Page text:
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Infect Control Hosp Epidemiol. 2015 Mar;36(3):265-72. doi: 10.1017/ice.2014.60.

Is procalcitonin-guided antimicrobial use cost-effective in adult patients with suspected bacterial infection and sepsis?

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1Department of Pharmacy Services,St. Joseph Mercy Health System,Ann Arbor,Michigan.



Procalcitonin has emerged as a promising biomarker of bacterial infection. Published literature demonstrates that use of procalcitonin testing and an associated treatment pathway reduces duration of antibiotic therapy without impacting mortality. The objective of this study was to determine the financial impact of utilizing a procalcitonin-guided treatment algorithm in hospitalized patients with sepsis.


Cost-minimization and cost-utility analysis.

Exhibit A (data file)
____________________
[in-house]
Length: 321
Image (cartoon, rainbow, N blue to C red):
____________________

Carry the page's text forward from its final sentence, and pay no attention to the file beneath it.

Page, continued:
Hypothetical cohort of adult ICU patients with suspected bacterial infection and sepsis.


Utilizing published clinical and economic data, a decision analytic model was developed from the U.S. hospital perspective. Effectiveness and utility measures were defined using cost-per-clinical episode and cost per quality-adjusted life years (QALYs). Upper and lower sensitivity ranges were determined for all inputs. Univariate and probabilistic sensitivity analyses assessed the robustness of our model and variables. Incremental cost-effectiveness ratios (ICERs) were calculated and compared to predetermined willingness-to-pay thresholds.


Base-case results predicted the use of a procalcitonin-guided treatment algorithm dominated standard care with improved quality (0.0002 QALYs) and decreased overall treatment costs ($65). The model was sensitive to a number of key variables that had the potential to impact results, including algorithm adherence (<42.3%), number and cost of procalcitonin tests ordered (≥9 and >$46), days of antimicrobial reduction (<1.6 d), incidence of nephrotoxicity and rate of nephrotoxicity reduction.


The combination of procalcitonin testing with an evidence-based treatment algorithm may improve patients' quality of life while decreasing costs in ICU patients with suspected bacterial infection and sepsis; however, results were highly dependent on a number of variables and assumptions.

[Indexed for MEDLINE]

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